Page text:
Beginning with the occupation of Alcatraz and including poetry, fi ction, fi lm, art, sculpture, and the National Museum of the American Indian, Dean Rader's book Engaged Resistance: American Indian Art, Literature, and Film from Alcatraz to the NMAI invites readers to expand their understanding of Native art and literatures in order to see the many ways that Native peoples use these mediums to engage in visual and verbal resistance. Rader's writing style is straightforward and accessible, and his excitement for the subject matter and admiration of the work are evident on every page. The book is visually stunning and features numerous photos of paintings, texts, statues, and archival materials not usually available in print. This often strengthens Rader's analysis, as the visual impact gives the reader an opportunity to interpret and engage with the pieces. The discourse is also distinctly contemporary and includes pop culture and technological references. Rader refers to iPhones and Facebook and fi rmly places Indian artists and their work in a contemporary landscape.
Key to Rader's focus in the book is the concept of sovereignty. Rader offers a short nod to defi ning "sovereignty" but quickly glosses over the complicated nature of this defi nition. While Rader writes that "a consensus defi nition has emerged" and quickly discusses some of the defi nitions offered by various Indian scholars, this discussion is by no means comprehensive. Rader acknowledges that he believes "sovereignty is largely about self-determination, autonomy, and capability" and that "sovereignty means the ability of artists, writers, and fi lmmakers to tell their own stories in their own words, in their own language-whether that language is verbal or visual" (50). Throughout the book Rader engages with various forms of sovereignty, including cartographic sovereignty, semiotic sovereignty, cinematic sovereignty, cultural sovereignty, intellectual sovereignty, and even storytelling as sovereignty. Rader, [End Page 261] however, misses the opportunity to engage with key scholarship and scholars on visual and photographic sovereignty, including Muskogee/ Creek artist and scholar Hulleah Tsinhnahjinnie's work, which would add a particularly important layer to Rader's analysis.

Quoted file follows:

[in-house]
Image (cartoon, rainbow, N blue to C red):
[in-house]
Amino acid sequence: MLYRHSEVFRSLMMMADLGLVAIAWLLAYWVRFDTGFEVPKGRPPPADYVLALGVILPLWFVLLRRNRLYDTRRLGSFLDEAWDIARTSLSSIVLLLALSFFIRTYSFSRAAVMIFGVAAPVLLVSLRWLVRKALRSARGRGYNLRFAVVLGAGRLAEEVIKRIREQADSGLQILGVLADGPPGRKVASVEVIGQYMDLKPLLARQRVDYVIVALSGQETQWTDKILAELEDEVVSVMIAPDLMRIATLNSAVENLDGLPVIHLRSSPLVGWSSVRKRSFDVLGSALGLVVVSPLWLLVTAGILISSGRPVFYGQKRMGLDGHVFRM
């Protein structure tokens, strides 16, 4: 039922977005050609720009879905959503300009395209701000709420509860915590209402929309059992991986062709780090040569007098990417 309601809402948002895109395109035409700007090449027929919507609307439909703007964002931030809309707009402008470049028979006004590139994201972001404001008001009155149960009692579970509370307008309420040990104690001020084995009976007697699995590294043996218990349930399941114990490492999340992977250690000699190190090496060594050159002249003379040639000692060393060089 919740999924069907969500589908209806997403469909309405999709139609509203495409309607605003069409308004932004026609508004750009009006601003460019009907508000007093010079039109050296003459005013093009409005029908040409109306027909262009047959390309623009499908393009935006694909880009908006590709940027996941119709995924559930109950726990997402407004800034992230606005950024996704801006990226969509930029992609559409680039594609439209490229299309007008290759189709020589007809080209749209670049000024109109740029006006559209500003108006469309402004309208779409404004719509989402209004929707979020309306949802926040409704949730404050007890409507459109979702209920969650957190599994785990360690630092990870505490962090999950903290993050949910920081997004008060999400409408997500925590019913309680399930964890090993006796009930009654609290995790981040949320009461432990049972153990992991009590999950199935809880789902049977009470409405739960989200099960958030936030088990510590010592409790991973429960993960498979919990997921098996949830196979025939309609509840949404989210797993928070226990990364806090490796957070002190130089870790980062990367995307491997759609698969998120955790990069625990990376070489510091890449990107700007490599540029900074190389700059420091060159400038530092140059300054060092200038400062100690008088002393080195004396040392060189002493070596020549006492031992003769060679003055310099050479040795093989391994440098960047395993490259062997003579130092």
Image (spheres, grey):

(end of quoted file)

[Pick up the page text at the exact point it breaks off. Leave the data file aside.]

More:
There are ten chapters in the book. Chapter 1 introduces Rader's concept of "engaged resistance" through the public proclamations, poems, and paintings by the occupiers of Alcatraz during the 1969 occupation. Rader provides a close analysis through the lens of "aesthetic activism" and also manages to include a focus on the humor, anger, and rhetoric of the pieces. His presentation is signifi cantly strengthened by the inclusion of photographs of the pieces he is referring to.
In chapter 2 Rader presents Salish artist Jaune Quick-to-See Smith's series of paintings of US maps and her use of cartographic sovereignty. There is an obvious excitement and admiration in Rader's writing in this chapter, and he draws from poetry, photography, cartography, and literature to add to his thorough analysis of the work. This chapter is particularly enhanced by the included photos. Colored copies of the paintings are reserved for the center of the book and are gathered with colored copies of many of the other photos featured throughout the text. This provides an interesting juxtaposition, as the reds, yellows, and other colors are a very different experience from the black-and-white photos provided throughout the text. This decision to include color photos at the center of the book may have been a decision by the publisher, but it also demands a silent reflection on the colored photos away from the text.
In chapters 3, 4, and 5 Rader analyzes different literary texts (for which he includes fi lm), and while he does not attempt an exhaustive interpretation of the texts, he does bring these seemingly different texts into conversation. Rader wants to situate Native art, literature, and fi lm in conversation with each other to create a cross-genre discourse of resistance. In chapter 3 Rader looks at "post-Renaissance" Native American novels through a "tribalographic" lens; in chapter 4 he examines two very different...